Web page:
The top film on each panel was loosened and could be easily stripped from the unprimed portion of the panel. However, when the stripped film reached the edge of the primed portion, the

force required for stripping increased sharply and the film stretched;considerably or broke before adhesion was lost at the metal interface or the topcoat interface.

In additional similar tests, it was observed that the adhesion of the primer to the copper panel was not as good as to the other metals, but the priming coat always had considerably better adhesion than the polymer film containing no chromic acid.

EXAMPLE 3 An anodized aluminum control panel (4" x 12') was cleaned and lightly sanded and then coated with a polytetrafiuoroethylene suspensoid of the same composition as that used'for the topcoat in Example 2. The coated panel was then baked in an oven at 750 F. for 5 minutes to fuse the polymer. The resulting film thickness was 0.7 mil.

- Additional anodized aluminum panels (4" x 12") were cleaned and lightly sanded and a 1" x 2" strip along one edge of each of the panels was primer coated with one of the compositions listed in the table below. These compositions were made and baked according to the procedure set forth in Example 1. i

The primer film thickness (dry) was about 0.3 mil in each case. A film of the polytetrafiuoroethylene suspensoid used for the topcoat in Example 2 having a thickness of 0.7 mil '(dry) was applied over the entire face of each of the panels and baked in an oven at 750 F. for about 5 minutes.

All of the panels were cooled and cut into oneinch strips across the width to produce several 1" x 4" test sections. The partially primed panels thus had three inches coated with the polytetrafluoroethylene topcoat over the bare metal and one inch coated with the same topcoat over the primed portion.

The film on each panel was stripped for about one inch at the unprimed end and clamped in the lower jaws of a scott tester, model X-2. The resulting bare portion of the metal test panel was clamped in the upper jaws. As the jaws moved apart the film was pulled from the panel at an angle of substantially 180 (1. e., the peeled portion was pulled back over the unpeeled portion).

The test sections of the control panel coated with the polytetrafiuoroethylene suspensoid composition containing no chromic acid, when tested as described in the preceding paragraph, showed that an average pull of 0.6 pound was required to destroy the adhesion of the film to the metal surface; i. e., to peel the film from the panel.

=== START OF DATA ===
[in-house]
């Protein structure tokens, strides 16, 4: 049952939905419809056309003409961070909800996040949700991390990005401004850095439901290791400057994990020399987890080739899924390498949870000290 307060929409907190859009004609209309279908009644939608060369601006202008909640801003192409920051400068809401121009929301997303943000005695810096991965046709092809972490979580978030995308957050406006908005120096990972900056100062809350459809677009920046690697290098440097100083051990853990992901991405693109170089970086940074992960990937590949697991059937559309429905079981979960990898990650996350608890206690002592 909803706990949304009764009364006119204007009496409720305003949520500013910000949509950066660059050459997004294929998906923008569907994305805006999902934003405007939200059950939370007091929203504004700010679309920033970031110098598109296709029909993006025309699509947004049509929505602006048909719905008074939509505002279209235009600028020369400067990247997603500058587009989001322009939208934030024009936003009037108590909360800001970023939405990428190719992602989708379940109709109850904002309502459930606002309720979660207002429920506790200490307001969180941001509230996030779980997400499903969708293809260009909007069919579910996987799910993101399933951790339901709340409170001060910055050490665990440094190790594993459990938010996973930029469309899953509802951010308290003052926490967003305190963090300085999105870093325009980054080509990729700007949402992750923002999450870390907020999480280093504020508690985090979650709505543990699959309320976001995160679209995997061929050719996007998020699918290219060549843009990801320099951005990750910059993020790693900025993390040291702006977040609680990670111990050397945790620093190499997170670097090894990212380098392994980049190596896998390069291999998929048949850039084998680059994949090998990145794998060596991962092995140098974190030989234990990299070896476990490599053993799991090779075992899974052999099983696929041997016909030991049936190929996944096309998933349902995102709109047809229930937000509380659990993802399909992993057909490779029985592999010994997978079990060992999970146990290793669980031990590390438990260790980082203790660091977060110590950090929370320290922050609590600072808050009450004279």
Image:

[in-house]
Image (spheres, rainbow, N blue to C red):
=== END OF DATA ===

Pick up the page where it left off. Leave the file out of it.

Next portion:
The following table gives values for the adhesion of the compositions of this invention to metal:

TABLE I Composition of metal priming coat (Parts by weight) (a) (b) P l Poulnds 0 ytetrapu re fiuorogg? fig i Water quired to me ethylene destroy adhesion,

99 1 99 100 at 5. 0 90 10 90 100 6. 5 l0. 8 25 .75 100 3 7.2 l2.0 65 35 65 100 3 6. 7 11. 2 55 45 i 55 100 3 7. 0 11. 7 .45 55 45 100 3 7. 0 11. 7 35 65 3. 00 100 6. 7 11. 2 25 75 3. 00 100 3. 3 5. 5 10 l. 75 3. 7 6. 2

of a mixture of long chain The values in column (a) of Tabl I are the pounds required to strip the topcoat from thesurface of the primer or to peel the adherent topcoat-primer system from the metal. The values are averages for several test sections cut from each panel and are representative of the improvements embodied in this invention over a wide range of ratios of polymer, chromic acid, water, wetting agent, and total solids.

It will be understood that the particular wetting or dispersing agents shown in the above examples form no part of this invention and any suitable means for maintaining uniform dispersion oi the polytetrafiuoroethylene particles may be employed.

In the compositions of this invention, any wet-' ting or dispersing agent may be used, providing it is stable in the presence of the other ingredients. The wetting agent concentrations shown are not critical, but controlled amounts are helpful in adjusting the final composition to yield optimum stability, application properties, appearance, and performance.

' total wetting agent have been used.

Polymeric materials, such as polychlorotrifiuoroethylene, or those containing preponderant amounts of polytetrafiuoroethylene, such as co- Concentrations as high as 16%.

polymers of tetrafiuoroethylene with other polymerizable materials, are operable provided they are stable in the presence of the other ingredients of the compositions of this invention.

when such a copolymer is used in the practice of this invention, it is preferred to use a copolymer of tetrafluoroethylene and ethylene and particularly one which contains from 60% to 85% of tetrafiuoroethylene and 40% to of ethylene.

The solids concentration (total polymer and chromic acid) of the final composition may vary over a wide range. A 15% solids composition deposits relatively thin films, and several coats are required in order to build up a film of normal thickness. A solids composition is easily handled and produces continuous films of reasonable thickness in one coat.- A 60% solids composition is usable where higher consistency can be employed. i

The polymer concentration may also vary over a wide range, but it is desirable to keep it below about 75% of the total composition in order to avoid coagulation, precipitation, or kick out."

The total amount of chromic acid should be within the range of 1% to 90% of the combined polymer and chromic acid content, and the preferred range is from 10% to 70%.

If desired, modifying agents, such as pigments,